The strategy highlighted flooding, coastal erosion, storm surge and regular tidal inundation may disproportionately affect Māori communities. It said many Māori communities, particularly in the Far North, are on coastal floodplains with several marae projected to be impacted by coastal hazards. Farming communities are also predicted to be highly impacted due to large areas of agricultural and horticultural land being in low-lying coastal flood areas.
A Te Ao Māori climate change decision making framework is being developed.
“There are likely to be impacts on cultural infrastructure such as marae and urupā, places for food gathering such as mahinga mataitai and places of cultural significance such as wāhi tapu and archaeological sites,” the report said.
“Hapū report that the realms of ngā Atua are degraded, the mauri has been destroved and there is potential for detrimental environmental, cultural and social effects,” the strategy said.
Currently, local government decision-making does not give sufficient voice to the specific needs of tanga whenua.”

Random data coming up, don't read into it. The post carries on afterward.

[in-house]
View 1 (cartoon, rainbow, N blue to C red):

Northland joint climate change adaptation committee Te Tai Tokerau deputy chair Delaraine Armstrong (Te Orewai hapū of Ngāti Hine) said the beginning of this work in Tai Tokerau was reflective of willingness to address inequities between tangata whenu and prevailing world views. Far more resource was needed to build capability and capacity with tangata whenua, communities and workforces.
“The rhetoric of tangata whenua involvement must be genuinely enabled and supported. However, this responsibility doesn’t sit only with non-Māori. Tangata whenua must step into the space we demand, and provide clear advice and structural options for a new framework to work with councils,” Armstrong said.
Council infrastructure impacts are also referenced. Roading networks, in areas such as Hokianga, that are located on the edges of estuaries, are projected to be affected by sea level rise.
Higher tidal boundaries mean river flooding impact is amplified, with more days where roads are impassable in areas such as Panguru and Punaruku, where this is already happening.
The New Zealand first strategy’s recent WDC adoption vote was 8-6, KDC’s vote saw seven of the council’s nine councillors present also vote 6-1 in favour of its adoption. It was adopted unanimously by FNDC and NRC.